The US economy grew at an annualised rate of 0.7% in the fourth quarter of 2015 compared with the same quarter a year ago, official figures show. The rate of growth marks a sharp slowdown from the 2% growth recorded in the previous quarter.
The US Commerce department said one reason for the slower growth was a slowdown in consumer spending. Export growth was also slower as the strong dollar made US goods more expensive outside the country. Energy sector investment continued to plummet, with spending on mining exploration, wells and shafts down 38.7%, a slightly less dramatic fall than the 47% drop seen in the third quarter. Overall, investment in the sector was down 35% in 2015, the largest drop since 1986.
Unseasonably mild weather held back some consumer spending, with another brake on growth from manufacturers who needed to run down surplus stock rather than make new goods.
Both factors are seen as temporary. Overall, the US economy grew by 2.4% in 2015, and is expected to pick up steam to give a similar growth figure this year. On Wednesday, the US central bank the Federal Reserve said that growth had “slowed late last year” but that employment had picked up. At the end of last year the Fed was sufficiently confident in the strength of the US economy to raise rates for the first time since 2006.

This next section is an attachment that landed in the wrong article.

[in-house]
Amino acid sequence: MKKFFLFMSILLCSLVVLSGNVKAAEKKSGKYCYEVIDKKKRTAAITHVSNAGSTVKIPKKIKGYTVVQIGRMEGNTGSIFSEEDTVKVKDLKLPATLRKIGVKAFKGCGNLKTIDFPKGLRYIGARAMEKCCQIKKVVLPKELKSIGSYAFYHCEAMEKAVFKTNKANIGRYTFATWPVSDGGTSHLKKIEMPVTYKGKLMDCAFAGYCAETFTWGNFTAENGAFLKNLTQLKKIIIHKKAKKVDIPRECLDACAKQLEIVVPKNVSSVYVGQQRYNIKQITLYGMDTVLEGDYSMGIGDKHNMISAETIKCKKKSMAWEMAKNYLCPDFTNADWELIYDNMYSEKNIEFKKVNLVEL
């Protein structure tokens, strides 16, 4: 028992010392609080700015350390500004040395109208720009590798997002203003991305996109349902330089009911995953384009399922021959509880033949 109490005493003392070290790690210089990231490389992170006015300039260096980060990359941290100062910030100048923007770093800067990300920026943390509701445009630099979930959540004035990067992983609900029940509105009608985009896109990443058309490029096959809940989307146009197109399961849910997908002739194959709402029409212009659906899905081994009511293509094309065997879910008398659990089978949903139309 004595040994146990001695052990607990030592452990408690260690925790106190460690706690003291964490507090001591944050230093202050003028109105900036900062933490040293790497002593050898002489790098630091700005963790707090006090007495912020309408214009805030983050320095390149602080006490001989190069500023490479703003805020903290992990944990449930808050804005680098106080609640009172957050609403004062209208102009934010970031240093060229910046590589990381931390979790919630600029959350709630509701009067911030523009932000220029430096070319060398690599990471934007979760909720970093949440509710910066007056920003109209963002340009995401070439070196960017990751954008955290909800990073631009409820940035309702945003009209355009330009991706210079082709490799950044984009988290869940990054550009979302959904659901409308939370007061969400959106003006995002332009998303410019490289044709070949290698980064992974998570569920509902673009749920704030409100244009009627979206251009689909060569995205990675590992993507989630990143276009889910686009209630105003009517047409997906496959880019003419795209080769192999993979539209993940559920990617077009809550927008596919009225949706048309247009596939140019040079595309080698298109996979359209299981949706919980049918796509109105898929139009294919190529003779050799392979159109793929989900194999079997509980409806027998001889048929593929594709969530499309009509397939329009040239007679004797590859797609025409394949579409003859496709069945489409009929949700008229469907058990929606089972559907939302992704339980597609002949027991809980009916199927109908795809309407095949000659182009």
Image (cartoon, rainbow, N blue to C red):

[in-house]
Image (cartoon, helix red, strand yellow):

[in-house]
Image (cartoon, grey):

Chris Williamson, chief economist at Markit, said the drop in growth of consumer spending would sustain fears that the US economy was “reaping few benefits from the oil price rout while paying the cost as oil sector revenues plunge”. He said the figures could put off the timing of the next rise in US rates: “The slowdown adds more pressure to the Fed to reconsider the timing of future rate hikes, and suggests that policymakers may pare back their current expectations of a further four quarter-point hikes in 2016.” (BBC News, 2016)